Labyrinth and Campus

Our Natural Setting


Many retreatants enjoy the mature trees which surround Manresa, seeing them as a welcoming presence which adds its own character to a time of retreat.

The ‘nobles of the forest’ and common trees are represented, with some less usual trees speaking of connections with other places - the sequoia a reminder of Emo Court and the ginkos recalling Japan and its centuries of Jesuit presence.

The trees are regularly surveyed and action is taken to preserve, remove or replace trees as needed. This is done with a broader and long-term arboricultural plan in view, considering generations other than our own.

The Labyrinth Meadow

Having been the site of a paddock, a cricket crease and a lawn, the current meadow has developed since 2014. Mown once annually, a great variety of plants have re-established themselves, providing homes to numerous insects and food for many birds. Cowslips and meadow browns are among the growing populations.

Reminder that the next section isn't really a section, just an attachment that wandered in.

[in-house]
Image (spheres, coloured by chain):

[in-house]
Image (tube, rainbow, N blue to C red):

People on retreat are often surprised to find themselves observed by squirrels, foxes and badgers. These are not Manresa’s creatures but are ‘ours’ in a broader sense, sharing our environment with us. We avoid feeding or interfering with them and are keen to offer them the sanctuary that people coming to Manresa also seek.